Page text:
March 3, 2022
Konstantin Grcic Speculates on the Evolution of Design and Function
New Normals, a recent exhibition at Berlin’s Haus am Waldsee, builds on Grcic’s career-defining quest to challenge the conventions of utility and the human behaviors everyday items engender. On view through my 8, the exhibition incorporates a series of playful installations in which Grcic speculates on how our collective understanding of use could change the future. Created using many of his most recognized designs, the various vignettes combine readily available materials and heavy-duty industrial machinery—as if carefully sourced from a home improvement store.. The conspicuous suggestions—chairs bike-locked to Airport tarmac security barriers or tethered between temporary construction-grade pillars using ratchet straps—offer insight into new ways in which we might work and live together. The postulations—chaise lounges outfitted with various selfie sticks—are both utopian and dystopian in nature.
Rather than mount a retrospective that simply surveys the designer’s most successful works—the Bell chair for Magis, the Stool-Tool for Vitra, or Myto chair for Plank—the show’s curators Ludwig Engel and Anna Himmelsbach chose to develop a more engaging and holistic exhibition that embodies the talent’s guiding ethos. “Future and design are inextricably linked,” Himmelsbach says. New Normals reveals that the typologies we’ve grown accustomed to in just a few decades (i.e.smartphone-enabled desks)would have seemed unimaginable to our recent ancestors. This viewpoint also infers that what will come next might appear entirely foreign to us.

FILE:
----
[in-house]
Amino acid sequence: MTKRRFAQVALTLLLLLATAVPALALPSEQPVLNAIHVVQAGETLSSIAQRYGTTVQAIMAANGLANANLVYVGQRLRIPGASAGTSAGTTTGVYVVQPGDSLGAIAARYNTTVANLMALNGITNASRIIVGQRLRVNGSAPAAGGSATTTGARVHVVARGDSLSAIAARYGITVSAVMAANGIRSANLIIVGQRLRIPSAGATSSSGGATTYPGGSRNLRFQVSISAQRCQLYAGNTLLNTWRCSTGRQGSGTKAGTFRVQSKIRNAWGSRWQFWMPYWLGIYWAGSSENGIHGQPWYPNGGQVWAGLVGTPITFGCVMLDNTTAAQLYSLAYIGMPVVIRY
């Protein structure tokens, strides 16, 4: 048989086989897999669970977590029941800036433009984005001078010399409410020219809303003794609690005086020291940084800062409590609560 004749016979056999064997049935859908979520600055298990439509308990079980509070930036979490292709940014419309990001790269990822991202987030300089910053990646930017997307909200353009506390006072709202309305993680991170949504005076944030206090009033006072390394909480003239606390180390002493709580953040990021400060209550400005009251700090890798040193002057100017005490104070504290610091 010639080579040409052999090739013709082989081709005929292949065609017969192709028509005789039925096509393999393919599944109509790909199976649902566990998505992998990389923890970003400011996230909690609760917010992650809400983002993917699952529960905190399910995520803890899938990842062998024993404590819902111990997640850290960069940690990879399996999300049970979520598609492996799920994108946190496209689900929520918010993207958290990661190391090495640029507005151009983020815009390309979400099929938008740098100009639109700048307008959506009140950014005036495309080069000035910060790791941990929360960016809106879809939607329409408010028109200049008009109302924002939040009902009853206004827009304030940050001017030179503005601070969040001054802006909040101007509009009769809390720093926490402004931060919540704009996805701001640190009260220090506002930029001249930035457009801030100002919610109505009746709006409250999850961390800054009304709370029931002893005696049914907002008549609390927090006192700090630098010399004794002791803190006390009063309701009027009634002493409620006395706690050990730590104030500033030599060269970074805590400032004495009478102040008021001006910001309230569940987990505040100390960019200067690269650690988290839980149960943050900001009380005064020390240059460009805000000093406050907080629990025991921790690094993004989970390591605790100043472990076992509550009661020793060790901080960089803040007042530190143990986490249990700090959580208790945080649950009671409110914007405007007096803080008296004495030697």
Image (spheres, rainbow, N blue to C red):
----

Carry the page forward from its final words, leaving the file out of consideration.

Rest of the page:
“The majority of what surrounds us today will remain the same for decades to come,” Grcic adds. “What differentiates the future from the present are many subtle details and small changes that, taken together, will shape our lives differently over the next five to ten or twenty years. While they are inconceivable today, they will be taken for granted then.” In certain respects, this perspective supports the idea that design is a continuous process of refinement and adaptation but also refutes the idea that there are too many chair designs out there. For Grcic, the future is unknown but can be partially determined through design.
Would you like to comment on this article? Send your thoughts to: [email protected]
What Recreational Cannabis Means for Dispensary Design in New York
Following its legalization, the city faces an identity (and equity) crisis when it comes to cannabis retail.
Andrés Jaque On Mud Architecture
The architect and educator discusses the work of Columbia University’s Natural Materials Lab, directed by assistant professor Lola Ben-Alon.
The Past, Present, and Future of Public Outdoor Space
Three recent initiatives in Milwaukee, Baltimore, and Los Angeles imagine an equitable future for public space.